The amended safety standard for servicing single-piece and multi-piece rim wheels has four major requirements: (1) training for all tire servicing employees; (2) the use of industry-accepted procedures that minimize the potential for employee injury; (3) the use of proper equipment such as clip-on chucks, restraining devices or barriers to retain the wheel components in the event of an incident during the inflation of tires; and (4) the use of compatible components.

There has been a more than 70-percent reduction in multi-piece rim wheel servicing injuries since the original standard was issued in 1980 -- based on a review of the record of multi-piece rim wheel accidents investigated by OSHA. Similar results have been experienced with the regulation of single-piece rim wheel servicing where workers also face a significant risk of serious injury or death.


What Are The Hazards of Working With These Large Vehicle Tires?

The principal difference between accidents involving single-piece rim wheels and those involving multi-piece rim wheels is the effect of the sudden release of the pressurized air contained in a single-piece rim wheel. Single-piece rim wheel accidents occur when the pressurized air contained in the tire is suddenly released, either by the bead breaking or by the bead slipping over the rim flange. The principal hazards involve pressurized air which, once released, can either hurl an employee across the shop if the employee is in close proximity to the rim wheel and within the trajectory, or can propel the rim wheel across the workplace and into a worker. The trajectory of the air or rim wheel is any potential path or route (basically along the axis of the rim wheel) that a rim wheel component may travel during an explosive separation, or the area into which the air blast from a single-piece rim wheel may be released. In a multi-piece rim wheel accident, the wheel components separate and are released from the rim wheel with violent force. The severity of the hazard is related not only to the air pressure but also to the air volume.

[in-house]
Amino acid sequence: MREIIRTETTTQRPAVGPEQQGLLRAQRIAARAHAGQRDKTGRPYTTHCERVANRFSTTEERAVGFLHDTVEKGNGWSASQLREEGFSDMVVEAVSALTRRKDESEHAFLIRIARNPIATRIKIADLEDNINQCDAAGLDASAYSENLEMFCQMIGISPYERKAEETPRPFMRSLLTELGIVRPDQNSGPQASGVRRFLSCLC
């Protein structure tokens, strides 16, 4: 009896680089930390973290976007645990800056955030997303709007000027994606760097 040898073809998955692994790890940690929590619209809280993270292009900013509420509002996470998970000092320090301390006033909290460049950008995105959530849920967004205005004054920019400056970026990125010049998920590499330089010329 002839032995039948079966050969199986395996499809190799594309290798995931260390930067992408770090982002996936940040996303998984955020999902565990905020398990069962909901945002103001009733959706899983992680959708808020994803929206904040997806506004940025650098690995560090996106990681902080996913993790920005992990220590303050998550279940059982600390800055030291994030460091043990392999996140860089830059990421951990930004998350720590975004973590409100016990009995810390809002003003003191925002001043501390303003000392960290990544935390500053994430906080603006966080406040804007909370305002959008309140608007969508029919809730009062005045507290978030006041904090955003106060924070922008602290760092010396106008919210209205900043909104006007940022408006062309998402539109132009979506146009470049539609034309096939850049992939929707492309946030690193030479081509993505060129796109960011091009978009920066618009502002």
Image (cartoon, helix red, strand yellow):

rim wheel servicing

What Are Safe Operating Procedures for Single-Piece Rim Wheels?

Employees must be instructed in and must use the following steps for safe operating procedures with single-piece wheels:
  • The tire must be completely deflated by removing the valve core before demounting.
  • Mounting and demounting of the tire must be performed only from the narrow ledge side of the wheel. Care must be taken to avoid damaging the tire beads, and the tire must be mounted only on a compatible wheel of mating bead diameter and width.
  • A noninflammable rubber lubricant must be applied to bead and wheel mating surfaces before assembling the rim wheel, unless the tire or wheel manufacturer recommends against the use of any rubber lubricant.
  • If a tire changing machine is used, the tire may be inflated only to the minimum pressure necessary to force the tire bead onto the rim ledge and create an airtight seal before removal from the tire changing machine.
  • If a bead expander is used, it must be removed before the valve core is installed and as soon as the rim wheel becomes airtight (when the tire bead slips onto the bead seat).